2021 WL 2588902
United States District Court, E.D. Missouri, Southeastern Division.
CASEY SANFORD, Plaintiff,
K&B TRANSPORTATION, INC., Defendant.
Case No. 1:20 CV 180 ACL
ABBIE CRITES-LEONI, UNITED STATES MAGISTRATE JUDGE
MEMORANDUM AND ORDER
*1 This matter is before the Court on the Complaint of Plaintiff Casey Sanford asserting a personal injury action against Defendant K&B Transportation, Inc., following an automobile accident involving a tractor trailer operated by Defendant’s employee. Presently pending before the Court is Defendant’s Joint Motion to Dismiss and Motion to Strike. (Doc. 9.) Plaintiff opposes the Motion. (Doc. 15.)
I. Legal Standards
With regard to motions to dismiss for failure to state a claim under Federal Rule of Civil Procedure 12(b)(6), a complaint must be dismissed if it fails to plead “enough facts to state a claim to relief that is plausible on its face.” Bell Atlantic Corp. v. Twombly, 550 U.S. 544, 570 (2007) (abrogating the “no set of facts” standard set forth in Conley v. Gibson, 355 U.S. 41, 45-46 (1957)). Courts must liberally construe the complaint in the light most favorable to the plaintiff and accept the factual allegations as true. See id. at 555; see also Schaaf v. Residential Funding Corp., 517 F.3d 544, 549 (8th Cir. 2008) (stating that in a motion to dismiss, courts accept as true all factual allegations in the complaint); Eckert v. Titan Tire Corp., 514 F.3d 801, 806 (8th Cir. 2008) (explaining that courts should liberally construe the complaint in the light most favorable to the plaintiff). Further a court should not dismiss the complaint simply because the court is doubtful that the plaintiff will be able to prove all of the necessary factual allegations. Twombly, 550 U.S. at 556. However, “[w]here the allegations show on the face of the complaint there is some insuperable bar to relief, dismissal under Rule 12(b)(6) is appropriate.” Benton v. Merrill Lynch & Co., 524 F.3d 866, 870 (8th Cir. 2008) (citation omitted). Courts ‘ “are not bound to accept as true a legal conclusion couched as a factual allegation.’ ” Ashcroft v. Iqbal, 556 U.S. 662, 678 (2009) (quoting Twombly, 550 U.S. at 555).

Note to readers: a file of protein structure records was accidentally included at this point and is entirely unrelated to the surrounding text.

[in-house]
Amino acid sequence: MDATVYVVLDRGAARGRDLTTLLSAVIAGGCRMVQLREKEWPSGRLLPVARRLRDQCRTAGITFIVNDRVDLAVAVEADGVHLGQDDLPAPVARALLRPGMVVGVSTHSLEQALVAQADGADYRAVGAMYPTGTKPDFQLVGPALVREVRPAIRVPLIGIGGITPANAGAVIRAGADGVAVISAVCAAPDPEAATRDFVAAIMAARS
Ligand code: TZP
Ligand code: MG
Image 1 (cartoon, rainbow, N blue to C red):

Under Federal Rule of Civil Procedure 12(f), “[t]he court may strike from a pleading an insufficient defense or any redundant, immaterial, impertinent, or scandalous matter.” “Judges enjoy liberal discretion to strike pleadings under Rule 12(f).” BJC Health Sys. v. Columbia Cas. Co., 478 F.3d 908, 917 (8th Cir. 2007) (citation omitted). However, striking a party’s pleading is a disfavored and extreme measure. Id. (citation omitted).
Defendant first argues that Count II, which sets forth a negligence per se claim, should be dismissed for failure to state a claim. Defendant next argues that Counts I, III, IV, V, and VI should be dismissed because they violate Federal Rule of Civil Procedure 8(a)(2). Additionally, Defendant contends that Plaintiff’s prayers for punitive damages should be dismissed or stricken. Finally, Defendant argues that the Court should strike Plaintiff’s “Reptile Theory” allegations.
A. Count II
Defendant argues that Plaintiff’s negligence per se claim should be dismissed because the cited state statute does not set forth a statutory standard of care.
*2 Count II is based upon an alleged violation of Mo. Rev. Stat. § 304.012.1, which states: “Every person operating a motor vehicle on the roads and highways of this state shall drive the vehicle in a careful and prudent manner and at a rate of speed so as not to endanger the property of another or the life or limb of any person and shall exercise the highest degree of care.” (Doc. 1 at p. 8-9.)
“Negligence per se arises where the legislature pronounces in a statute what the conduct of a reasonable person must be, whether or not the common law would require similar conduct, and the court then adopts the statutory standard of care to define the standard of conduct of reasonable person.” Lowdermilk v. Vescovo Building and Realty Co., Inc., 91 S.W.3d 617, 628 (Mo. Ct. App. 2002) (citing RESTATEMENT TORTS (SECOND) sections 286, 288 (1965)). Negligence per se results from the violation of a statute and the jury is instructed on the statutory standard of care instead of the care of the reasonable person. Id.
In Cisco v. Mullikin, No. 4:11CV295RWS, 2012 WL 549504, * 2 (E.D. Mo. Feb. 21, 2012), this Court1 dismissed a negligence per se claim under Mo. Rev. Stat. § 304.012.1, finding that the statute “does not set out a statutory standard of care.” Plaintiff has failed to set forth a Missouri case where a plaintiff pursued a negligence per se theory for § 304.012. Thus, Count II will be dismissed for failure to state a claim.
B. Counts I, III, IV, V, and VI